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Why I Continue to Take Back the Night
23 Apr 2014 at 7:24pm
If you were given the chance to stand up to sexual assault, would you? What if you could support survivors by listening to their stories? Would you be brave enough to march against sexual violence?...
Brown University Will Allow Rapist Who Choked His Victim Back On Campus
23 Apr 2014 at 5:25pm
Brown University punished a rapist with what amounted to a one-semester suspension for choking and sexually assaulting a fellow student. Lena Sclove, 22, told a crowd of more than 50 students at t...
The Big Dupe: What's the Truth About Student Loans?
23 Apr 2014 at 4:22pm
Student debtors, you're being duped. The government isn't sitting on any student loan profit despite what Senator Warren says. She wants the government to stop taking advantage of you, but it's the...
This Is, Without A Doubt, The Worst Way To Be Dumped
23 Apr 2014 at 3:25pm
For those of you unfamiliar with Instagram, #TransformationTuesday is a hashtag you use to share a before-and-after shot of something in your life: all the progress you've made at the gym since the...
When Is The Right Time To Move In Together? Survey Says...
23 Apr 2014 at 3:05pm
It's the age-old question that consistently plagues couples: when is the right time to move-in together? A lot of unknowns come into play here, which makes the decision so much more difficult. Is...
20 Fears Jack Black Can Help You Overcome
23 Apr 2014 at 2:19pm
OMG! It's J.B.! Are you thinking Jonas Brothers? Justin Bieber? Well, you'd be wrong. Why does no one ever think of Jack Black!? Upon closer inspection, the true J.B. is the source of answers to yo...
You'll Never Believe What George R.R. Martin Almost Left Out Of 'Game Of Thro...
23 Apr 2014 at 2:18pm
The only thing more fascinating than "Game of Thrones" is the man behind the "Song of Fire and Ice" book series, which inspired the hit HBO show. George R.R. Martin sat down with Rolling Stone rec...
The Larger Your Penis, The More Likely Your Wife Will Cheat Says New Study
23 Apr 2014 at 2:16pm
Men often view having a large member as a symbol of strength and sexual prowess. But it turns out, when it comes to keeping a woman satisfied, bigger may not be better. Contrary to popular belie...
Marijuana Use, Cardiovascular Complications Linked In New Study
23 Apr 2014 at 1:59pm
A new study from France shows an association between marijuana use and heart-related complications. The findings are based on data from the addictovigilance system in France, which includes cardi...
J.K. Rowling Brings Her Magic To TV, HBO And BBC To Produce 'The Casual Vacancy'
23 Apr 2014 at 1:55pm
The hits just keep Rowling in for HBO. The premium cable network and BBC are now set to turn J.K. Rowling?s novel "The Casual Vacancy" into a three-hour miniseries, according to Variety. Productio...
The International Student Plight
23 Apr 2014 at 1:47pm
When I decided I would apply to colleges in America, I wasn't sure what I was getting myself into. I knew that, for people in the Philippines, studying abroad was linked with higher chances of job ...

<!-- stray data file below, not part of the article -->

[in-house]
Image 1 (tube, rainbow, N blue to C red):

Feed Our Student-Athletes (and Their Classmates, Too)
23 Apr 2014 at 1:23pm
Sports fans reacted with shock earlier this month when Shabazz Napier, a star of the University of Connecticut's national champion men's basketball team, told reporters that he wasn't always gettin...
American University's Fraternity Problem: Assault
23 Apr 2014 at 1:10pm
This evening was on my calendar for weeks, months. A quick trip to Washington, D.C., and a great night at American University with students, faculty, friends, and advocates was on offer. Following ...
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College (Latin collegium) is a term most often used today to denote an educational institution. More broadly, it can be the name of any group of colleagues (see, for example electoral college, College of Arms, College of Cardinals). Originally, it meant a group of persons living together under a common set of rules (con- = "together" + leg- = "law" or lego = "I choose"); indeed, some colleges call their members "fellows". The precise usage of the term varies among English-speaking countries.
1. The Origin of the United States Usage:
The founders of the first institutions of higher education in the United States were graduates of the University of Oxford and the University of Cambridge. The small institutions they founded would not have seemed to them like universities — they were tiny and did not offer the higher degrees in medicine and theology. Furthermore, they were not composed of several small colleges. Instead, the new institutions felt like the Oxford and Cambridge colleges they were used to — small communities, housing and feeding their students, with instruction from residential tutors (as in the United Kingdom, described above). When the first students came to be graduated, these "colleges" assumed the right to confer degrees upon them, usually with authority -- for example, the College of William and Mary has a Royal Charter from the British monarchy allowing it to confer degrees while Dartmouth College has a charter permitting it to award degrees "as are usually granted in either of the universities, or any other college in our realm of Great Britain."
Contrast this with Europe, where only universities could grant degrees. The leaders of Harvard College (which granted America's first degrees in 1642) might have thought of their college as the first of many residential colleges which would grow up into a New Cambridge university. However, over time, few new colleges were founded there, and Harvard grew and added higher faculties. Eventually, it changed its title to university, but the term "college" had stuck and "colleges" have arisen across the United States.